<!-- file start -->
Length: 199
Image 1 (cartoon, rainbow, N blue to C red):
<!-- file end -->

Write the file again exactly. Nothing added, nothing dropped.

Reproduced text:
Length: 199
Image 1 (cartoon, rainbow, N blue to C red):